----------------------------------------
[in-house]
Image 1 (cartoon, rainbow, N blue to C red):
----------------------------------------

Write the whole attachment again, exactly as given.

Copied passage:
[in-house]
Image 1 (cartoon, rainbow, N blue to C red):